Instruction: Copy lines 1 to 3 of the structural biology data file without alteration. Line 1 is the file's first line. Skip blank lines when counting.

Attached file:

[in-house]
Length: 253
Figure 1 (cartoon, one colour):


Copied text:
[in-house]
Length: 253
Figure 1 (cartoon, one colour):